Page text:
Singapore unveils Tech.Pass scheme to woo top global tech talents

SINGAPORE's Economic Development Board (EDB) is rolling out a new "Tech.Pass" to support the entry of up to 500 proven founders, leaders and experts from top tech companies into Singapore.

The EDB bills the scheme as an extension of the Tech@SG programme launched in 2019, to provide fast-growing companies greater assurance of accessing the talent they need. The EDB will administer the pass, supported by the Ministry of Manpower.

The Tech.Pass, aimed at the top tier of tech talents, will allow pass holders to move seamlessly between different activities that contribute to Singapore's tech ecosystem - from running a business, to investing, to mentoring or leading companies, or even lecturing in institutes of higher learning.

Five hundred passes will be made available from January 2021, when applications open. To qualify, individuals must have a track record of leadership in sizeable tech companies, or in developing tech products with mass adoption.

Today, such individuals are already able to start and operate a business in Singapore under the EntrePass, or to work for a company with a valid Employment Pass (EP).

The Tech.Pass will go a step further, allowing individuals to participate in any or a combination of specified activities, without having to apply for different passes.

And unlike the Employment Pass which requires the sponsorship of an employer, the Tech.Pass will be tied to the individual.

The pass will be valid for two years, and can be renewed only once upon expiry. To have their passes renewed, individuals will be assessed against criteria such as income, total business spending, and the number of locals employed by the companies they run.

Minister for Trade and Industry Chan Chun Sing announced the initiative on Thursday, at a dialogue with members of Singapore's European Chamber of Commerce (EuroCham). He spoke of a "surging demand" and competition among countries around the world for global talent.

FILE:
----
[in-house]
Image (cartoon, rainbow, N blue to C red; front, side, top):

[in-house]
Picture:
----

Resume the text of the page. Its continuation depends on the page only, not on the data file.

"Not even huge countries like the United States, (countries in) Europe or even China will ever claim that they have sufficient talent. Everyone is in this quest for more talent, and a more diverse slate of talent from all across the world," said Mr Chan.

"We'd rather top talent be competing on the side of team Singapore, than competing against Singapore," he added.

Mr Chan said that the Tech.Pass is aimed at the "very top end" of global talent, to create new business opportunities or partner institutes of higher learning to build the next generation of tech talent.

He urged business representatives in attendance to roll out opportunities for Singaporeans at the entry and mid-career levels, pointing to initiatives by multinationals like IBM, Google and SAP to train thousands of locals in areas like artificial intelligence, data analytics, digital marketing and cybersecurity.

Speaking to reporters after the dialogue, he again stressed that the Tech.Pass does not target the larger middle tier of tech workers, who may enter Singapore on company-sponsored Employment Passes and S Passes, and are more likely to work in jobs that Singaporeans also seek.

With the new scheme, Singapore joins the ranks of countries like the UK, France, Malaysia and others that have launched special visas targeted at courting global tech talents. The UK, for example, saw a record number of applicants last month for its Tech Nation visa, even amid Covid-19.

Federico Donato, president of EuroCham, welcomed the development. "EuroCham is extremely pleased to see that the Singapore government remains committed in attracting the best talent in pivotal industries," Mr Donato told The Business Times. "Such talents are crucial in creating more high-skilled jobs for Singaporeans. The European business community affirms that it will continue to support and invest in Singapore, as it has for past decades."

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